There was an announcement of a Japanese contender in the UK rough terrain market – “yet another contestant”–the Tadano TR-150, with 15t maximum lifting capacity, four-wheel drive and steer, and a spring locking system. The crane was to be imported by Woodend Plant.

UK firm Eddison Plant Hire took delivery of a Grove TM 800 mobile telescopic crane. Ordered through John Allen Equipment, the six-axle American manufactured machine had a lifting capacity of 71.4 tons and was mounted on a Consolidated Dynamics carrier.

News that Grayston had gained its first foothold on the European mainland with the acquisition of J G Van Leonhout, a Dutch crane hire company based in Rotterdam was seen as “yet more proof that the British crane industry intends to move firmly into the [European] Common Market.” Britain joined the ECM the previous month.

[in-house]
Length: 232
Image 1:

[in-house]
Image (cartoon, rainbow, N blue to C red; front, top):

There was a discussion of the merits of the strut (lattice) jib. “The telescopic boom was, without doubt, a great advance in crane design, with its speed both of erection and travel between sites. It has many advantages, and perhaps the strut jib machine may be regarded by some as old fashioned,” the unnamed author wrote.